Jul 1, 2009 | 4
When it comes to mapping the ocean floor, lasers can capture fine details even better than the sonar. However, while sound waves excel at cutting through dense materials, light waves move best through empty space, making it difficult for lasers to penetrate the ocean's murky depths.
Researchers from Florida Atlantic University's Harbor Branch Oceanographic Institute think it's possible to overcome the problems of undersea laser imaging by deploying swarms of automated robots to do the job.
Working together, these bots could function as a giant laser-imaging network and provide broader, faster coverage of the ocean's bottom. The approach could aid in the identification of objects (such as mines) that endanger shipping and military operations, researchers say.
These robotic laser networks may also provide a more holistic view into the ecology of endangered coral reef habitats, says Fraser Dalgleish, the project's principal investigator and an assistant research professor at Harbor Branch in Fort Pierce, Fla.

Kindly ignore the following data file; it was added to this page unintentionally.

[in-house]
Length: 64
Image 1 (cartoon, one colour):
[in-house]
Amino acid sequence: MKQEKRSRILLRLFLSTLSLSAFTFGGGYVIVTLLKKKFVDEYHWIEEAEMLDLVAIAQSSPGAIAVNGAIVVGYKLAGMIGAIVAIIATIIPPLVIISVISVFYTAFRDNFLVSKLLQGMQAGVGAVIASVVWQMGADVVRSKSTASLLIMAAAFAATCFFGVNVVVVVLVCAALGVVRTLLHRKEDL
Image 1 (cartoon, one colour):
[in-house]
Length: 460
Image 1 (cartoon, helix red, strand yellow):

May 26, 2009
Now that President Obama has named Sonia Sotomayor as his choice for the nation's highest court, he is expected to this week select a "cyber czar" to act as the U.S.'s highest-ranking cyber security official, The Washington Post reports today. The person assuming this newly created position will be responsible for protecting the country's government-run and private computer networks and will likely get a seat on the National Security Council.
Obama announced today that he is folding White House staff focusing on homeland security and counterterrorism into the National Security Council, The Boston Globe reports. The cyber czar will likely report both to the national security adviser and the senior White House economic adviser, a move that would indicate a desire to protect private networks without threatening economic growth, according to the Post, citing anonymous sources.
Deadline: Jun 29 2013
Reward: $7,000 USD
The Seeker for this Challenge desires proposals for chemical methods that could rapidly degrade a dilute aqueous solution
Deadline: Jun 30 2013
Reward: $1,000,000 USD
This is a Reduction-to-Practice Challenge that requires written documentation and&
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